I’ve been reading Elizabeth Gilbert’s new book, Committed (her follow-up to Eat, Pray, Love). It’s both a love story and a history of marriage, a rare departure for me into nonfiction. It’s blowing my mind in all the very best ways but a short section on the idea of trading our stories has haunted me since I read it over tea and toast this morning.
About three quarters of the way into the book she talks about how we share our memories, our stories, with other people. Sometimes it’s a stranger on the bus, sometimes it’s the person in our bed. In the act of telling the story we really do share it. The story still belongs to us, but now it also belongs, in part at least, to the person we told it too. Now they carry the story as well.
When the story we tell is a personal one, our memory goes with it. I could tell you a story about running on the beach when I was a little girl, the sound of the quiet ripples I used to think were waves, the heat of the sun on my shoulders. If I describe it well enough you might remember the story the next day and share it with a friend. In so doing you will have remembered MY memory. Isn’t that the strangest thing?
Gilbert illustrates this with a favorite story from Italo Calvino's Invisible Cities. In the story there are these tradesmen who spend most of year crossing the desert arriving only on the equinoxes to buy and sell their wares. At night, after trading, they sit around a fire and the trading of stories begins. “Tell me a story about your sister,” says one. “Tell me a story about a wolf,” says another. In the days that follow as they make their way back out across the desert they find each one now has two sisters travelling with him – the one he remembers and the one in the story from the fire. The story has done the impossible, sharing itself out without diminishing the original. A very fancy party trick.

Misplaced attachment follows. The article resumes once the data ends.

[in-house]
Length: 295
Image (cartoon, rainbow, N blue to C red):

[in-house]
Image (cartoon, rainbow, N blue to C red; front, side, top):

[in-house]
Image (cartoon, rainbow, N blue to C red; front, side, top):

When people are in love we speak of giving a piece of ourselves away. I think that happens any time two human beings make enough of a connection to bump up against each other. Not a piece though, just a tiny thread, a blink, a moment of who we are. Sometimes those moments get brushed off our sleeves, other times, for better or worse they get woven inextricably into our own story. Sometimes a single thread can worm its way into your heart like a thorn, but it’s rare to catch one of those in a chance meeting. Thorns usually take time to cultivate.
There is incredible power in the telling of our stories. If someone is suffering in a way that I have suffered, I can share my story and in doing so, walk with them. I can say, “See? Me too,” and she will walk through the next day knowing she is not alone.
There’s a line in the movie Shall We Dance that has always stuck with me. In the scene two characters are trying to decide if their marriage of 25 years is still worth the effort. They are trying to describe the role they play for each other and Susan Sarandon turns to Richard Gere and says, “I will witness your life. You life will not go unnoticed because I will notice it.” I always thought that was incredibly beautiful. It’s easy to notice the hero, the grand gesture, a marriage proposal, the day you bring a child home. It’s harder to notice a thousand tiny moments, and I think that is part of the work of marriage. It’s promising to pay attention.
At the end of this passage on stories Gilbert talks about lying in bed with her beloved on a night when it’s too hot to sleep. “Tell me a story about fish,” she says and he does, spinning a lovely tale. And then she concludes with a profound statement:
This is intimacy: telling our stories in the dark.
There is so much truth in that. To truly share ourselves, to offer up the memories that have formed us, the fears that cage us, the hopes that lift us up, that is the very stuff of intimacy. It’s lying there in the dark finding the courage to say, “This is me. Please love me.”
One of the most profound moments of my life happened late at night over the telling of stories. I was in my apartment, my last year at Trinity, my roommate asleep in the other room. I was sitting on a ratty and beloved couch with a decidedly not ratty but also beloved old friend and somehow he got me to tell him the story that I never tell anyone. I remember feeling so exposed I hid my face behind a pillow and all we were doing was talking. He was sitting at the other end of the couch, not touching at all.
It was, I can see now, an incredibly intimate moment. No wonder I was so shaken afterward. No wonder the letter he slipped under my door 20 minutes later is still tucked into my journal.
Plato said that “He who tells the stories shapes society” and I’ve always thought of that on a grand, national scale. But I see now that she who tells the stories shapes herself. It is in changing ourselves first that we have any hope of changing society. It is in the telling our of stories that our souls come home.